- On September 10, 2021
In this article, we’ll break down insurance moratoriums and how they can impact your chances of buying or updating an insurance policy.
- An insurance moratorium is a period when insurance carriers stop issuing and updating policies due to impending weather events.
- Because insurance moratoriums can last days before and after a weather event, they can affect your chances of buying or updating your insurance policies.
- You should try to line up their insurance at least two weeks before it’s required to avoid any interferences.
Let’s be honest. Impending storms can cause a lot of commotion! From shoppers scrambling for last minute supplies to people desperately storm-proofing their homes, everyone does their best to get in their last minute preparations. For many this means even taking the time to reexamine their insurance policies.
However, those looking to get or modify their insurance before a storm may be out of luck. And it’s all because of something called a moratorium.
What is an insurance moratorium?
An insurance moratorium is a period of time when an insurance carrier stops issuing and updating policies. They do this because of impending disasters or weather events, such as:
- Hurricanes and tropical storms
- Riots and civil commotion
During a moratorium, existing and prospective clients may not be able to modify their coverages and limits in their policy, purchase insurance, or switch insurance companies.
Why do insurance companies impose moratoriums?
By imposing moratoriums, insurance companies aim to minimize their financial risk of insuring homes in a storm’s path. In other words, they don’t want to take on a new policy when they know there is a much higher chance for a claim to be filed.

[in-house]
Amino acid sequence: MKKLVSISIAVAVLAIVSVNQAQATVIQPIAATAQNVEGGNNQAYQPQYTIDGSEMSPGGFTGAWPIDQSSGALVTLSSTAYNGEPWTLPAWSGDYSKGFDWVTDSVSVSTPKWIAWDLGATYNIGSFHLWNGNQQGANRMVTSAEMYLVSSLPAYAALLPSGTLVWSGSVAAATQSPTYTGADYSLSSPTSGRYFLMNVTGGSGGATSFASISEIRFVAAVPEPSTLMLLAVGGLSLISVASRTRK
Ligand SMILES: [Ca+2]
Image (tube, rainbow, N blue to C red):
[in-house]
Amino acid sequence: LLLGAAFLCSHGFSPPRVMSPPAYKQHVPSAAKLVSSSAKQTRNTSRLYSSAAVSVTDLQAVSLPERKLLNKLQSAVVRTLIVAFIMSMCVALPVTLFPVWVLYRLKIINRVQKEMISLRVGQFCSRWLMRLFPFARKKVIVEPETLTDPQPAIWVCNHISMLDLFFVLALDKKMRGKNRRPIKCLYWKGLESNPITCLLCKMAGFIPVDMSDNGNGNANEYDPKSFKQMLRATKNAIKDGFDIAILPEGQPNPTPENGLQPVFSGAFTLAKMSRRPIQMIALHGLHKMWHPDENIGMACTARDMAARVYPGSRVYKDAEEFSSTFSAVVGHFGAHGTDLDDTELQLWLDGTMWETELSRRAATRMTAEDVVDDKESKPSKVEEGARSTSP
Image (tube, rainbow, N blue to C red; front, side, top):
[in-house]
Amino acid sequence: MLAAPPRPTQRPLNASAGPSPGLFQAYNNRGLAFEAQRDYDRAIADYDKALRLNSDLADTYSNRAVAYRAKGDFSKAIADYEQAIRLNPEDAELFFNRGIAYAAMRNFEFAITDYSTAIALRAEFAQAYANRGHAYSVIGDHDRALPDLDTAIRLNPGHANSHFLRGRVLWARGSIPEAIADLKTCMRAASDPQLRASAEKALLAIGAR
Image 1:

Moratoriums also remind us that insurance companies want their clients to protect their assets when things are good, not just when the weather takes a turn for the worst.
Who decides to impose an insurance moratorium?
Moratoriums are enforced on a company-by-company basis. They’re not imposed on a federal, state, or industry level.
FEMA flood insurance, which is sold by the National Flood Insurance Program, isn’t subject to moratoriums in the lead-up to a storm or flood event. However, there is a 30-day waiting period on all new FEMA flood insurance policies.
How long do moratoriums last?
Moratoriums can vary in duration. They’re usually imposed 24 to 48 hours before and can last days after a major weather event.
During hurricanes a moratorium is likely to end once a storm passes through the affected areas. On the other hand, during earthquakes a moratorium usually ends only after the last tremor or aftershock. This can be days after the initial earthquake.
We hope we’ve helped you better understand insurance moratoriums and how they can affect your insurance. And now we’d like to turn it over to you. Did you learn something new from this article? Or do have a question about your insurance policy? Leave a comment below or contact us at email@example.com.